Gastric Metastasis From Renal Cell Carcinoma Causing Upper Gastrointestinal Bleeding 18 Years After Curative Tumor Resection: A Case Report and Review of the Literature: 891 : Official journal of the American College of Gastroenterology | ACG

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Gastric Metastasis From Renal Cell Carcinoma Causing Upper Gastrointestinal Bleeding 18 Years After Curative Tumor Resection: A Case Report and Review of the Literature


Dakik, Hassan MD1; Fisher, Deborah MD2; Haque, Mafuzul MBBS2

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American Journal of Gastroenterology 109():p S262, October 2014.
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Case Report: Our patient was an 83-year-old male with a prior history of renal cell carcinoma (RCC) treated with a radical nephrectomy and chemotherapy 18 years prior. He was reported to be in full clinical remission at the time of presentation. He presented to our emergency department with complaints of one day of lightheadedness and melena. His triage vital signs were significant for orthostatic hypotension. His physical exam was notable for melena. Hemoglobin was 12.9 gms from a prior baseline of 14. A proton pump inhibitor infusion was initiated and he was admitted to the hospital ward. He underwent upper endoscopy that revealed a 1.5 cm irregular shaped and inflammatory appearing polyp on the lesser curve. Further inspection revealed an area of ulceration on the posterior aspect and evidence of recent bleeding. The gastric polyp was lifted with saline injection and poylpectomy was performed. The mass was retrieved and the margins were grossly inspected. The remainder of his hospital course was uneventful and he was discharged within 48 hours of the procedure. The pathology from the polyp revealed morphologic features of clear cell RCC with a clear margin of resection. When compared to stored kidney tissue from the 1995 resection the cytological characteristics of the gastric polyp closely matched the original tumor. A body CT scan was performed and revealed a small lesion in the inferior pole of the left kidney resembling metachronous RCC, as well as a concerning mass in the pancreatic tail. He was subsequently referred for evaluation by our oncology specialists who initiated chemotherapy with pazopanib (a selective tyrosine kinase inhibitor).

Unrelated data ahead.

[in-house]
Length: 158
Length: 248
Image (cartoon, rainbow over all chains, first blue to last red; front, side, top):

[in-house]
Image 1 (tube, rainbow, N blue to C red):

Discussion: Renal cell carcinoma (RCC) can metastasize to a variety of locations including most frequently the lung, liver, bone and brain. Metastatic RCC to the stomach is rare with an estimated incidence of 0.2-3.1% of all gastric metastatic lesions. Moreover, the timeframe for recurrence of metastatic disease is typically significantly closer to the initial resection. There are reports of RCC metastasizing to the gastrointestinal (GI) tract several years after the primary tumor has been successfully resected. The estimated interval from the time of surgical resection of the primary RCC to noting the gastric metastasis was roughly 7 years in one series. In a larger series of 22 patients the average interval to gastric metastasis was 6.3 years. In our case, the time interval was over 18 years making it one of the latest presentations in the current literature.


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